What I Would Tell a New Dental School Grad

Find things in your work and your life that bring you joy!

In addition to dentistry, photography is something that brings me joy! I’m not going to recommend a new grad plan a photography trip to Iceland just yet. It took me 10 years from the time I first saw images of Iceland landscapes, for my trip to come together and it was by luck that it actually happened. This is an image of the Reynisdrangar Stacks at Dawn:

 

View on Smugmug

 

My friend Dr. Barry Polansky wrote a blog post post with the premise: “I am producing a remake of the classic Dustin Hoffman film, The Graduate. The scene at the pool where Mr. McGuire tells young Ben, “One word, plastics.” It’s a classic line.
What one piece of advice would you give young Ben as he entered into the workforce, as a dentist in 2014. By the way—dental school left him with $375,000 in debt.”

I grew up around the profession of dentistry but I didn’t know the profession. I remember thinking in dental school that when I finished, I’d goto work, find a full schedule of patients(I had no idea where they come from, but just figured they’d show up), do my work(which would be productive and varied work) and then go home without a care in the world.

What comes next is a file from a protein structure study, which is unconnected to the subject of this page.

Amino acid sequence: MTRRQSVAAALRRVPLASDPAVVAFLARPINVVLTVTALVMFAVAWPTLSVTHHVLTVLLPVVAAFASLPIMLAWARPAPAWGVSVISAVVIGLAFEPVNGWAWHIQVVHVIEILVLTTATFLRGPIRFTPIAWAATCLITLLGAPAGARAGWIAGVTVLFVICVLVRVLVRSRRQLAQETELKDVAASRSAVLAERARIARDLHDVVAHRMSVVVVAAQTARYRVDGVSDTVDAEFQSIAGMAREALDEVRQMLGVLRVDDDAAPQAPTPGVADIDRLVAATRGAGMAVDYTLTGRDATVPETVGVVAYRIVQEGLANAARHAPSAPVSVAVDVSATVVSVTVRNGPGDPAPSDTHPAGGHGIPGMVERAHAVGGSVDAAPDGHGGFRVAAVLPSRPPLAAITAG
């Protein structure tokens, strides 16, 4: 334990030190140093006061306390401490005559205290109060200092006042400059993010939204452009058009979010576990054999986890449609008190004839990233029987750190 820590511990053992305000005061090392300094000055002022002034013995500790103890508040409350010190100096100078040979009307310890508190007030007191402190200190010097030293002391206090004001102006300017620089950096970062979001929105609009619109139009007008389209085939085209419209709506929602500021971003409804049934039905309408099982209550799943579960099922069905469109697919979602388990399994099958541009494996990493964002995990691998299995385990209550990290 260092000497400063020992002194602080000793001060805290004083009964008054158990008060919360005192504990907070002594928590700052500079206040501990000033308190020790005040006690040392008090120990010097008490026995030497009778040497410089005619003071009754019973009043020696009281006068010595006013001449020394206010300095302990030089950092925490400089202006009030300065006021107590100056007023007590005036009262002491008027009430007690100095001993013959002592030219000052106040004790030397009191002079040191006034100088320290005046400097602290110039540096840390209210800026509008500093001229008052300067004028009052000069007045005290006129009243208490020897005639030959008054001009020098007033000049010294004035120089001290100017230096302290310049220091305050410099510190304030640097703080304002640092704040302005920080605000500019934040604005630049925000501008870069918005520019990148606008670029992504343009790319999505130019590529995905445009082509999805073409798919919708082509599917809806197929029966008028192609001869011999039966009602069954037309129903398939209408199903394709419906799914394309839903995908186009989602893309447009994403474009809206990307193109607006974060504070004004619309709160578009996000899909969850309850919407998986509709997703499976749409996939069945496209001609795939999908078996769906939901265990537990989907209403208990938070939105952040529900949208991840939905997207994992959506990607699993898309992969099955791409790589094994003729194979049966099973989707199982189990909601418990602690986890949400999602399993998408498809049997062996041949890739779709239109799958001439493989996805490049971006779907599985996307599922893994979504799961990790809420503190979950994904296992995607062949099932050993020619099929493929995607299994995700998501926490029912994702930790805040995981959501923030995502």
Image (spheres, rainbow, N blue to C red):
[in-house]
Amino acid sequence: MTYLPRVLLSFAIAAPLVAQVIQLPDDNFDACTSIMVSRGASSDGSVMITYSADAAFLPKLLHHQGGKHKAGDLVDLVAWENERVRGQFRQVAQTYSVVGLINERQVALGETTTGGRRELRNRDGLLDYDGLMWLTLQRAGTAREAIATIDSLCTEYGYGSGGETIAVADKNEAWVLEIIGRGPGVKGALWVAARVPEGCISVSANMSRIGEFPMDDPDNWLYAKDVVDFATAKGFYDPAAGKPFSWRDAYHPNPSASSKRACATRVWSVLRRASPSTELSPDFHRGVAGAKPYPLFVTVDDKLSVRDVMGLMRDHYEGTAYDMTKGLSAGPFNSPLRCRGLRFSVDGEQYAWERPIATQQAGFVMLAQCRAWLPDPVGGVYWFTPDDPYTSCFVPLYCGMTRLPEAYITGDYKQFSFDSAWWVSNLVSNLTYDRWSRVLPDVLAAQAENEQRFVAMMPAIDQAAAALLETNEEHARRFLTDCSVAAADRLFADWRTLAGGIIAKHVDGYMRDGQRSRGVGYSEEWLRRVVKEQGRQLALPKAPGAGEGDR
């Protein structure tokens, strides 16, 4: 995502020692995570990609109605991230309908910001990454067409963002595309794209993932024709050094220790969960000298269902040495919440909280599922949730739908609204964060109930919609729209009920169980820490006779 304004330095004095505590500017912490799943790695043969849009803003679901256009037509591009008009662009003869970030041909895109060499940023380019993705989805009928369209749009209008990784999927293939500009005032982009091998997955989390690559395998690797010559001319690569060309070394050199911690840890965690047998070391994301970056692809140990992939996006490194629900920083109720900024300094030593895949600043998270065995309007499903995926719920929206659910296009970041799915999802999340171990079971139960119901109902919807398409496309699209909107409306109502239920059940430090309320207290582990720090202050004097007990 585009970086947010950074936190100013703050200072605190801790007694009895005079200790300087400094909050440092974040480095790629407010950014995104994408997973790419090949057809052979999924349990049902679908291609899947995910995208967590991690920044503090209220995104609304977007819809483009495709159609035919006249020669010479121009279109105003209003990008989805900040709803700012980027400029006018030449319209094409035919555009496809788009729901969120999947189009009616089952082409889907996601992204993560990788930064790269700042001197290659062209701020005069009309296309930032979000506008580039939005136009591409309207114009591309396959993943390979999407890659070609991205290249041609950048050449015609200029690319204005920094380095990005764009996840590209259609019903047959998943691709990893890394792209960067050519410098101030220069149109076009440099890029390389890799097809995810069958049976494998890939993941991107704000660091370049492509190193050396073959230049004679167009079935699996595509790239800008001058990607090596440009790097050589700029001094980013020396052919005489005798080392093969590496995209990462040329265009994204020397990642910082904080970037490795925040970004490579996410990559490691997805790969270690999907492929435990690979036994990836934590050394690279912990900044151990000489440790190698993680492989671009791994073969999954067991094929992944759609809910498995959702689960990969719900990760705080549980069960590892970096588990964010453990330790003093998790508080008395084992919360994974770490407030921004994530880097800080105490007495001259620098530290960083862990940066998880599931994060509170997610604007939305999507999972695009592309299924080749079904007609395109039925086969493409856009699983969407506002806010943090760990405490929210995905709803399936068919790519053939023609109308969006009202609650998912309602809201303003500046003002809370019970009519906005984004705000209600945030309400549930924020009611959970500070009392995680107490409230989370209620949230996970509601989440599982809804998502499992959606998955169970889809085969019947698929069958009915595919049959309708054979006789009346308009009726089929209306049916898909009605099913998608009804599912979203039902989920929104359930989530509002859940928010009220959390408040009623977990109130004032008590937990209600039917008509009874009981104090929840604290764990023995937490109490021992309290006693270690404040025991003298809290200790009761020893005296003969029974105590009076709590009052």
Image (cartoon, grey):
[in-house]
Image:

I have no idea where that fantasy came from!

I can remember coming to work one day early on and the receptionist had filled my schedule with patients I’d never met, to provide treatment on teeth I’d never seen. I hated it! I soon realized that my fantasy was just that, a fantasy. I wasn’t cut out to be a dentist that just showed up, worked and went home. I found out early on that I needed and wanted to part of the treatment planning process. I wanted more than the job of a tooth mechanic.

My advice to the new Dental School Graduate

Test your own pre-conceived ideas(or Fantasies) about the profession.

  • How do you see yourself practicing dentistry?
  • Do you want to show up, do your work and go home?
  • Do you want to show up, find the work(treatment plan, present, “sell”), do your work and go home?
  • Maybe there’s another model of practice that works for you!
  • What activities outside of dentistry bring you joy?
Figure out what brings you joy and excitement and do more of that everyday. Also, once you figure out what brings you joy, don’t let anyone tell you can’t do more of that! There will always be naysayers and excuse makers. Yes, dentistry is harder today than it apparently once was, but that doesn’t mean it’s not possible to chart your own success path. If you think it’s impossible to chart your own path as a dentist today, imagine trying to chart your own path as a professional photographer! Anyone with a camera can be a pro!
Barry’s looking for more ideas, what would you tell a new graduate?


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